Wednesday, January 28, 2009

Utah gives gays the finger…again

So this isn’t going to surprise anyone, but Utah just shot down the first of a six part Common Ground initiatives.

To sum this up for you lucky non utahns, the Common Ground Initiative is in full regard to statements the church said after all the bad press with the passing of prop 8 and the rights of gay couples.

The LDS Church declared it is not “anti-gay” and “does not object to rights for same-sex couples regarding hospitalization and medical care, fair housing and employment rights, or probate rights.” Elder L. Whitney Clayton even stated the LDS Church does not oppose “civil unions or domestic partnerships.”

So in response to these statements, Equality Utah launched its Common Ground Initiative, designed to address each of the issues mentioned by the LDS Church.

Talk about foot in mouth for the church right?


They’re not really asking for much and a lot of it would support non married heterosexual couples as well. Just spousal health care benefits to cover partners. Adding sexual orientation and gender to the job antidiscrimitory amendments as well as another to cover sexual orientation and gender in housing so landlords can’t evict people just because they’re gay. Removing some barriers of inheritance and insurance for wrongful deaths of all unmarried couples and creating a domestic partnership registry.

I don’t see how anyone can think these are bad things, but I'm pretty sure that's my godless homo loving nature coming in to play.

The most controversial part of the initiative is one to repeal the portion of Amendment 3 (Anti gay marriage amendment) which states “no other domestic union, however denominated, may be recognized as marriage or be given the same or substantially equivalent legal effect.” It will not change Utah’s current definition of marriage, which is one man and one woman, but will allow a domestic registry involving inheritance, housing, and insurance. They are trying to show that a registry is nowhere near the legal equivalent of marriage, but there is no way it is going to pass.

Here is an article about the first part of the initiative to go to the Utah legislation:
The first in a package of six controversial bills dealing with gay and lesbian rights was voted down Tuesday afternoon in the Senate Judiciary Committee.

The wrongful-death amendment, SB32, which was sponsored by Sen. Scott McCoy, D-Salt Lake, would have amended state law to allow anyone in "a mutually supportive and dependent relationship" to sue for wrongful-death damages — including same-sex couples. The bill, which had been previously approved during interim hearings, only received support during voting from McCoy and his fellow Salt Lake Democrat, Ross Romero.

Senators voting against the bill were primarily concerned that this would lead lawmakers down a path toward legalizing gay marriage, which the state banned with a constitutional amendment in 2004. That concern was echoed by testimony from opponents.

Gayle Ruzicka, head of the Eagle Forum, said that passage of Amendment 3 by Utah voters meant that no domestic relationship could be given the same legal status as marriage.

"I believe that this bill today does exactly that," Ruzicka said. "This bill treats same-sex partners as spouses."

After the vote, McCoy said it was frustrating that members of the committee were so paralyzed by fear that they were forced to express a complete lack of compassion for people in society who are affected by the death of a loved one or a partner.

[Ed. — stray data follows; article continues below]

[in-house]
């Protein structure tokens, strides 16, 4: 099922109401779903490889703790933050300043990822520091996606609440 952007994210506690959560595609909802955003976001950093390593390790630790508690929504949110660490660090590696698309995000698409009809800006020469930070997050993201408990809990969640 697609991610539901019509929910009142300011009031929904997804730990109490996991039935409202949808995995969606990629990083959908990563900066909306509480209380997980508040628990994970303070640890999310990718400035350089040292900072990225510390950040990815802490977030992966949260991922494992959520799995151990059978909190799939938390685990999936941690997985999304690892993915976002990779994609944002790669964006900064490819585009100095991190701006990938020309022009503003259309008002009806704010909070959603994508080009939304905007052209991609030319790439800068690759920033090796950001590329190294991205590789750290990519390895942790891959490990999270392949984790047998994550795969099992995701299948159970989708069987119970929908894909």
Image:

"None of the opponents who came and testified against the bill really had anything to say about the bill," McCoy said. "They kept trying to make it about marriage, and it's simply not. It's specifically not."

The bill's defeat does not bode well for the other bills that are being pushed by Equality Utah as the Common Ground Initiative, although McCoy said the other bills will still be pushed this session. In the days following the passage of California's same-sex marriage ban, Equality Utah officials said they used statements from The Church of Jesus Christ of Latter-day Saints to create the bills of the Common Ground Initiative. The package is not about marriage, Equality Utah has said, but rather about basic protections for the state's lesbian, gay and transgender community.
Will Carlson, manager of public policy for Equality Utah, said he was surprised this one did so poorly in committee. Still, he said the proposal would not go away, even if it means waiting until next year.

"We brought this two years ago; we brought this last year; we'll bring it next near," he said.

The widely anticipated committee meeting was packed, with an overflow crowd. Five witnesses from each side of the debate were allowed to testify, and the committee's consideration of the bill lasted almost 90 minutes.

Wow. I feel so warm and fuzzy that they spent a whole 90 minutes concerning themselves with the rights of whole group of people.

It’s always sad when the “slippery slope” argument is used because it means they are denying rights on the potential of future laws.

Did you catch that? They aren’t going to give the lesbian, gay, or transgender comminuty ANY rights, because down the line they might start getting above their station and demand EQUAL rights.

Obviously that doesn’t make any sense and is completely wrong, but what can you expect from politicians and legislators?

The sad thing is Salt Lake County is the liberal part of Utah.


  1. There's a liberal part of Utah? :) I also adore the "slippery slope" argument. But, hey, first the gays, then them damn box turtles are gonna want THEIR rights to wed. Crazay.

  2. hahaha...damn them box turtles for ruining it for everyone!
    *shakes fist in menacing manner*



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